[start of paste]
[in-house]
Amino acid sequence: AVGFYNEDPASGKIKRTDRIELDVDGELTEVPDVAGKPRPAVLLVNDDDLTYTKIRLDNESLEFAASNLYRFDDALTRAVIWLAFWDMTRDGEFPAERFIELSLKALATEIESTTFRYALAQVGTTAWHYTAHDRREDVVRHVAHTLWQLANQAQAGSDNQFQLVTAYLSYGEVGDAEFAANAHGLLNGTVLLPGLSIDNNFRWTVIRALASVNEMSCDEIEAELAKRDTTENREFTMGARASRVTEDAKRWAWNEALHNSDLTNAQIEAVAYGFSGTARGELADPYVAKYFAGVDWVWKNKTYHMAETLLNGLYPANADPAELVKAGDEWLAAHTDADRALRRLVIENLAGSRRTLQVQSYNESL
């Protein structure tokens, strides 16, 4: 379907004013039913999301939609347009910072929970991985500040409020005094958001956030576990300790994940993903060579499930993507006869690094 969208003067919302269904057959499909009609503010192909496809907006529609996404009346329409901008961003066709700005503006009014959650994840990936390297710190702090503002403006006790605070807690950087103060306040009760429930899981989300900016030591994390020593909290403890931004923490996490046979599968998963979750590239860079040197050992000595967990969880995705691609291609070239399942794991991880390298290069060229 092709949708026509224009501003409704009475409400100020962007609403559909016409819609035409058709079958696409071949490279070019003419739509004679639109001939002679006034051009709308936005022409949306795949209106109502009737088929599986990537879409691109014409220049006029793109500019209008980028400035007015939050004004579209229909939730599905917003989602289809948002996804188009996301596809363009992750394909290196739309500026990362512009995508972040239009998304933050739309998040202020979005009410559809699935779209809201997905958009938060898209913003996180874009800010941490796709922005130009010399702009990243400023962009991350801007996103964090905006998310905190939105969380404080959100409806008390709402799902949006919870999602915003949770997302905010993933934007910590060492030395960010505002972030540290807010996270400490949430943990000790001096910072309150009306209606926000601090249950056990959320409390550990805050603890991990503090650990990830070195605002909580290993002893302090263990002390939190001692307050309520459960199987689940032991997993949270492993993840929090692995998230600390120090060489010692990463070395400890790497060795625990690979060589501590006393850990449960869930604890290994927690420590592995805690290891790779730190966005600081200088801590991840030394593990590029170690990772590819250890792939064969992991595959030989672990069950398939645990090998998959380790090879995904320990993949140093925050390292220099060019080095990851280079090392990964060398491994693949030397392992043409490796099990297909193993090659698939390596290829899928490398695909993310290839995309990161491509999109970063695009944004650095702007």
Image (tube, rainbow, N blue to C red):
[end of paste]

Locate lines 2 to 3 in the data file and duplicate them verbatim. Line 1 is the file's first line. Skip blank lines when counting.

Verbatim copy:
Amino acid sequence: AVGFYNEDPASGKIKRTDRIELDVDGELTEVPDVAGKPRPAVLLVNDDDLTYTKIRLDNESLEFAASNLYRFDDALTRAVIWLAFWDMTRDGEFPAERFIELSLKALATEIESTTFRYALAQVGTTAWHYTAHDRREDVVRHVAHTLWQLANQAQAGSDNQFQLVTAYLSYGEVGDAEFAANAHGLLNGTVLLPGLSIDNNFRWTVIRALASVNEMSCDEIEAELAKRDTTENREFTMGARASRVTEDAKRWAWNEALHNSDLTNAQIEAVAYGFSGTARGELADPYVAKYFAGVDWVWKNKTYHMAETLLNGLYPANADPAELVKAGDEWLAAHTDADRALRRLVIENLAGSRRTLQVQSYNESL
């Protein structure tokens, strides 16, 4: 379907004013039913999301939609347009910072929970991985500040409020005094958001956030576990300790994940993903060579499930993507006869690094 969208003067919302269904057959499909009609503010192909496809907006529609996404009346329409901008961003066709700005503006009014959650994840990936390297710190702090503002403006006790605070807690950087103060306040009760429930899981989300900016030591994390020593909290403890931004923490996490046979599968998963979750590239860079040197050992000595967990969880995705691609291609070239399942794991991880390298290069060229 092709949708026509224009501003409704009475409400100020962007609403559909016409819609035409058709079958696409071949490279070019003419739509004679639109001939002679006034051009709308936005022409949306795949209106109502009737088929599986990537879409691109014409220049006029793109500019209008980028400035007015939050004004579209229909939730599905917003989602289809948002996804188009996301596809363009992750394909290196739309500026990362512009995508972040239009998304933050739309998040202020979005009410559809699935779209809201997905958009938060898209913003996180874009800010941490796709922005130009010399702009990243400023962009991350801007996103964090905006998310905190939105969380404080959100409806008390709402799902949006919870999602915003949770997302905010993933934007910590060492030395960010505002972030540290807010996270400490949430943990000790001096910072309150009306209606926000601090249950056990959320409390550990805050603890991990503090650990990830070195605002909580290993002893302090263990002390939190001692307050309520459960199987689940032991997993949270492993993840929090692995998230600390120090060489010692990463070395400890790497060795625990690979060589501590006393850990449960869930604890290994927690420590592995805690290891790779730190966005600081200088801590991840030394593990590029170690990772590819250890792939064969992991595959030989672990069950398939645990090998998959380790090879995904320990993949140093925050390292220099060019080095990851280079090392990964060398491994693949030397392992043409490796099990297909193993090659698939390596290829899928490398695909993310290839995309990161491509999109970063695009944004650095702007």